The National Tuberculosis (TB) Programme, also known as the Singapore TB Elimination Programme (STEP), was launched by MOH in 1997 to strengthen the national TB control efforts in response to the then decade-long stagnation in the country's TB incidence rate.
The goals of STEP are to detect all infectious TB cases, to cure all TB cases, to detect and treat all infected contacts, and to prevent the emergence of multi-drug resistant TB.
The STEP Registry administers the National TB notification registry and the national Treatment Surveillance Module which monitors the treatment progress and outcome of all TB cases in the country.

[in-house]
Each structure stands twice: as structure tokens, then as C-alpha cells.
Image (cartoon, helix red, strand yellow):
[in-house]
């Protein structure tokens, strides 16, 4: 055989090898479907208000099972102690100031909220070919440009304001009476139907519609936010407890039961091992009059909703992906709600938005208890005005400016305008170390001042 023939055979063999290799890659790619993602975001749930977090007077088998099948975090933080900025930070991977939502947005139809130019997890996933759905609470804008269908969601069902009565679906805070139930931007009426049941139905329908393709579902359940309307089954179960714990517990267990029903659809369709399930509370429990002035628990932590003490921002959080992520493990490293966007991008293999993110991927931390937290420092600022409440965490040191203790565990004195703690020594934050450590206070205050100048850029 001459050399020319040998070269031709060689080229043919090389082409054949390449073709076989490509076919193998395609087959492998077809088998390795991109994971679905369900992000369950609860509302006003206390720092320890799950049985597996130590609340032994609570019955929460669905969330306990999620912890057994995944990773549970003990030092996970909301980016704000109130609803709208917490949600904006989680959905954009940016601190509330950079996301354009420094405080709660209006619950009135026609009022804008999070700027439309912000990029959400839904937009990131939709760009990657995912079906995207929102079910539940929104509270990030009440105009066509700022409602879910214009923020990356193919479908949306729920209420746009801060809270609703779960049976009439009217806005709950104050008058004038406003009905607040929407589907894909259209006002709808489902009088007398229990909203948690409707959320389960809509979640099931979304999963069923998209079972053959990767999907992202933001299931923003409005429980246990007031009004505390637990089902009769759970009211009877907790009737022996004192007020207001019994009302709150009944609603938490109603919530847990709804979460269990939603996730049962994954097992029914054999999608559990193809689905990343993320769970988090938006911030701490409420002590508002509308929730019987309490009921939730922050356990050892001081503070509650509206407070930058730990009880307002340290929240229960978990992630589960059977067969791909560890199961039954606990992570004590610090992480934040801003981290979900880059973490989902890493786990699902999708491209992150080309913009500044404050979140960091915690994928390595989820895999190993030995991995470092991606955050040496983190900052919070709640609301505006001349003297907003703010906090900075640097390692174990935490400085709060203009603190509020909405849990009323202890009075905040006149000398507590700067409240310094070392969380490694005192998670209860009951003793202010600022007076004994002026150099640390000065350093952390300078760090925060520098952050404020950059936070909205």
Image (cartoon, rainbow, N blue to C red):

The TB Control Unit (TBCU) functions as the national referral centre for TB evaluation and treatment, for the tracing of treatment defaulters, and for the management of complicated or drug-resistant TB patients. It manages 80% of the country's TB cases, the vast majority of which are treated under Directly Observed Therapy (DOT). Another major function of the TBCU is the screening of close contacts in households, workplaces and congregate settings (such as schools and prisons) for active and latent TB, and provision of preventive therapy for contacts found to have latent TB infection.